Macau-based casino operator SJM Holdings Ltd has announced a 5-percent pay rise for its staff. SJM Holdings is the first gaming company in the city to announce a salary increase for 2015, despite the relatively lacklustre performance of the Macau gaming sector last year as compared to previous years.
The pay rise is effective from January 1, the firm said in an internal circular quoted by several media reports.
The reports added that SJM Holdings also announced an increase in other perks enjoyed by staff.
The Macau government has already announced a 6.8 percent pay rise for 2015 for public sector workers; a figure above the inflation rate estimated for full-year 2014. Casino firms face market pressure to offer better benefits to attract new workers and retain the experienced ones they already have, in preparation for the big Cotai resort openings between this year and 2017.
SJM Holdings was one of the targets of several labour protests in the casino industry during last summer. The protests were led by labour activist group Forefront of the Macao Gaming, focusing on issues linked to pay and conditions in the Macau casino industry.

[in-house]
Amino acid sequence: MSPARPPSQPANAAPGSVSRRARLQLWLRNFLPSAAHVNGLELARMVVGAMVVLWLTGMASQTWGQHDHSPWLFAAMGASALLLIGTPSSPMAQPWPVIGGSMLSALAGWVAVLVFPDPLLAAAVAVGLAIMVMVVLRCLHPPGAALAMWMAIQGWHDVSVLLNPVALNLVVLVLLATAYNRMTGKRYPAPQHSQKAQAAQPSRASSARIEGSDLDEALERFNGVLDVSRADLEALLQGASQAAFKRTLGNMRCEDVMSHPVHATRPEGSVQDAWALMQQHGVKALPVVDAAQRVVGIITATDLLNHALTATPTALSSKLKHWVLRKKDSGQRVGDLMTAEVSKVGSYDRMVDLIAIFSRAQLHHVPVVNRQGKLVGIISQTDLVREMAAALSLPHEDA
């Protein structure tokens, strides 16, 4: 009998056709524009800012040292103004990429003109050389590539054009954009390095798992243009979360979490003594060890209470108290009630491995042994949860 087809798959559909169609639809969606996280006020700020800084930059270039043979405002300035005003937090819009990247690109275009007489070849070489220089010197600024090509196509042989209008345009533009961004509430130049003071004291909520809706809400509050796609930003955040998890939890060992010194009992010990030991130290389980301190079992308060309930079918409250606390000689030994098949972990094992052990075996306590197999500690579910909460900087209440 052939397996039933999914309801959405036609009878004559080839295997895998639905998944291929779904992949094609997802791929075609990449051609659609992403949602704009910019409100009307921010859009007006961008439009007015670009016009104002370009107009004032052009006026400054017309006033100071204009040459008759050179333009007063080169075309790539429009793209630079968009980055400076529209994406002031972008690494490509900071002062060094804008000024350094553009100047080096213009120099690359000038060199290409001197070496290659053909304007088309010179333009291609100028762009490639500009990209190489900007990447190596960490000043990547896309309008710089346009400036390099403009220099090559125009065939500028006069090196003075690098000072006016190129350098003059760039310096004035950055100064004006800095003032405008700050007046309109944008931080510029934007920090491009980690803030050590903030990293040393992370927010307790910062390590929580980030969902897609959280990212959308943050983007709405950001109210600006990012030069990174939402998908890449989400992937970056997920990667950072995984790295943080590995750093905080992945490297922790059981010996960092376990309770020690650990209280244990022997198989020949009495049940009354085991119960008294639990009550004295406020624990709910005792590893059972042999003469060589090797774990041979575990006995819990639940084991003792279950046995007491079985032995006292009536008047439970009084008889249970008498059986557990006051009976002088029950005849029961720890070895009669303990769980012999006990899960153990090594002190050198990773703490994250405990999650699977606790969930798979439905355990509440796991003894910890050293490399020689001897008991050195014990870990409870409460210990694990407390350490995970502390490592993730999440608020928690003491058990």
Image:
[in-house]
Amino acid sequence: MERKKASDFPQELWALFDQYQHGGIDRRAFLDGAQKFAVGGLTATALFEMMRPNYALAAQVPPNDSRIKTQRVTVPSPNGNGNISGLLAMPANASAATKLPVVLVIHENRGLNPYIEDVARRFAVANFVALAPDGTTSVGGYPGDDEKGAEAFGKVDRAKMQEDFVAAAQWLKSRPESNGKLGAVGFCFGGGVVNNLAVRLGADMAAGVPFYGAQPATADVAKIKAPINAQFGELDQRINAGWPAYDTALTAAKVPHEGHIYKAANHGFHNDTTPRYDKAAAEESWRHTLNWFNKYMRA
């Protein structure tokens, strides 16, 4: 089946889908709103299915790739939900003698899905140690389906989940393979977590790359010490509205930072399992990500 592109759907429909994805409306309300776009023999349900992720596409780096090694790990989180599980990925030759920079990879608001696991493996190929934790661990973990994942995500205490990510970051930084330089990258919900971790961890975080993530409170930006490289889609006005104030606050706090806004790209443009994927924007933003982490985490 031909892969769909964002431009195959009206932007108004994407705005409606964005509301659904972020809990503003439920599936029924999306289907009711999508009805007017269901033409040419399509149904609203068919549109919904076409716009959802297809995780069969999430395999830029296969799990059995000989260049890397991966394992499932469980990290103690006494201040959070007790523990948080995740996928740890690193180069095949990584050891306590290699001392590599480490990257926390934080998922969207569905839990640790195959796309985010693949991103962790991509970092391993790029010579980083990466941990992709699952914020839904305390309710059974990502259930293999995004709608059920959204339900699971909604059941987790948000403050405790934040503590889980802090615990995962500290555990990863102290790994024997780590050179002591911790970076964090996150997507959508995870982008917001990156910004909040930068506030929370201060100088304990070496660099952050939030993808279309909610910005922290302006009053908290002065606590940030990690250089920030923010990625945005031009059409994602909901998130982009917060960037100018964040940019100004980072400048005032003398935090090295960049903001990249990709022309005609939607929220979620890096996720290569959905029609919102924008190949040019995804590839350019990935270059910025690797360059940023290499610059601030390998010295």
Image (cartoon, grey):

In August, SJM Holdings announced living subsidy increases for its staff starting from 2015. The gaming operator said it would award its employees annual subsidies equal to either 1.5 months or two months of their monthly salary. The measure will be effective until 2020.
Industry-wide, figures provided by the city’s Statistics and Census Service show average earnings of full-time casino employees in June, excluding bonuses and allowances, rose by 6.7 percent year-on-year to MOP20,160 (US$2,524). During the same period, the average monthly earnings for dealers at Macau casinos increased by 4.8 percent year-on-year to MOP17,530.
SJM Holdings was the Macau-based casino operator with the worse stock performance in Hong Kong trading last year. Its stock price dropped by more than 50 percent.
Monthly gross gaming revenue (GGR) in Macau has been decreasing since June as measured in year-on-year terms. Data from the city’s gaming regulator, the Gaming Inspection and Coordination Bureau, shows that GGR for the first 11 months of 2014 stood at MOP328.2 billion, up by a mere 0.3 percent in year-on-year terms. The regulator is expected to release today GGR data for December.
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”China has been strengthening the control over capital flow, and the impact of that has already been reflected [on Macau’s gaming revenue trend]. There should not be any bigger impact from the new… legislation [on the mainland] … on the gaming revenue trend here”
Wilfred Wong Ying Wai
President of Macau casino operator Sands China